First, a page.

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Belgium

Belgium ranked No. 18 in total trade value through July with a total of $33.07 billion. Exports totaled $20.73 billion and Imports totaled $12.34 billion, a surplus of $8.39 billion.

January – July 2019

Top Trading Ports

Total Trade: $33.07 billion

RankPortTotal YTD
1John F. Kennedy International Airport $4,546,793,640
2Port of Houston $2,663,429,769
3Dulles International Airport, Washington D.C., Va. $2,313,291,592
4Port of San Francisco, Calif. $2,048,284,661
5Port of Newark $1,596,532,020
6Port of Baltimore, Md. $1,558,054,719
7Port of New Orleans $1,429,707,775
8Port of Virginia $1,376,411,098
9Port of Charleston $1,111,116,157
10Chicago O’Hare International Airport $1,048,829,972

U.S. trade with Belgium rose to $33.07 billion through July

Belgium’s trade with the United States rose to $33.07 billion through the first seven months of 2019, according to a WorldCity analysis of latest U.S. Census Bureau data. That’s 14.77 percent above its total trade during the same time period last year. U.S. exports to Belgium increased 10.97 percent while U.S. imports from Belgium rose 21.76 percent. The U.S. surplus with Belgium was $8.39 billion.

Through July, the top five among the nation’s airports, seaports and border crossings were No. 1 John F. Kennedy International Airport; No. 2 Port of Houston; No. 3 Dulles International Airport, Washington D.C., Va.; No. 4 Port of San Francisco, Calif.; and No. 5 Port of Newark. During the same period the previous year, the top five were No. 1 John F. Kennedy International Airport No. 2 Port of Houston No. 3 Port of New Orleans No. 4 Port of New York and No. 5 Port of Newark. In the current time period, the top five accounted for 39.82 percent of Belgium’s U.S. trade.

Among those top five:

  • Trade with No. 1 John F. Kennedy International Airport fell 6.42 percent to $4.55 billion.
    Exports rose 4.25 percent to $2.67 billion. Imports fell 18.29 percent to $1.88 billion.
  • Trade with No. 2 Port of Houston rose 21.3 percent to $2.66 billion.
    Exports rose 13.5 percent to $2 billion. Imports rose 53.19 percent to $661.03 million.
  • Trade with No. 3 Dulles International Airport, Washington D.C., Va. rose 314.66 percent to $2.31 billion.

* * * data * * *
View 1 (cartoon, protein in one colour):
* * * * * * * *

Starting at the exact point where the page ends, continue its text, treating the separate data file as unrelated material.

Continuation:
Exports rose 0.64 percent to $218.21 million. Imports rose 514.29 percent to $2.1 billion.
  • Trade with No. 4 Port of San Francisco, Calif. rose 83491 percent to $2.05 billion.
    Exports rose 1021159 percent to $2.04 billion. Imports rose 229.27 percent to $7.41 million.
  • Trade with No. 5 Port of Newark rose 16.36 percent to $1.6 billion.
    Exports rose 41.88 percent to $595.83 million. Imports rose 5.1 percent to $1 billion.

Belgium ranked No. 18 among the United States’ top trade partners through the current period. In the same period one year ago, it ranked No. 19.

Meanwhile, total U.S. trade with the world increased to $2.41 trillion, down 0.06 percent compared to the same period last year. The nation’s exports dropped 0.71 percent to $956.44 billion; imports climbed 0.38 percent to $1.45 trillion. The nation’s top five countries so far this year, by value, are Mexico; Canada; China; Japan and Germany. The overall trade deficit was $498.31 billion, up compared to the same period of last year when the deficit was $485.95 billion.

The top five U.S. exports to Belgium by value through July were the categories of Motor vehicles for transporting people; Diamonds, not mounted; Medical instruments for surgeons, dentists, vets; Medicines in individual dosages; and Plasma, vaccines, blood, respectively. They accounted for 38.3 percent of total exports to Belgium.

The value of the top five categories of U.S. imports from Belgium –– Plasma, vaccines, blood; Gasoline, other fuels; Diamonds, not mounted; Medicines in individual dosages; and Motor vehicles for transporting people –– accounted for 58.86 percent of all inbound shipments.

Looking more closely at U.S. exports to Belgium:

  • Motor vehicles for transporting people rose 507.12 percent compared to last year to $2.63 billion.
  • Diamonds, not mounted fell 7.42 percent compared to last year to $1.72 billion.
  • Medical instruments for surgeons, dentists, vets fell 11.58 percent compared to last year to $1.3 billion.
  • Medicines in individual dosages rose 6.47 percent compared to last year to $1.24 billion.
  • Plasma, vaccines, blood fell 14.5 percent compared to last year to $1.06 billion.

Looking more closely at U.S. imports from Belgium:

  • Plasma, vaccines, blood rose 134.21 percent compared to last year to $2.62 billion.
  • Gasoline, other fuels rose 18 percent compared to last year to $1.46 billion.
  • Diamonds, not mounted fell 25.67 percent compared to last year to $1.38 billion.
  • Medicines in individual dosages rose 101.66 percent compared to last year to $1.11 billion.
  • Motor vehicles for transporting people rose 122.73 percent compared to last year to $690.65 million.

In the latest annual figures available, Belgium recorded $45.01 billion in trade with the United States. At year’s end, its were New York City; Houston; New Orleans; Atlanta/Savannah; and Los Angeles. Total U.S. exports to Belgium were $ 29.91 billion and imports from Belgium were $15.09 billion. The U.S. surplus with Belgium was $14.82 billion.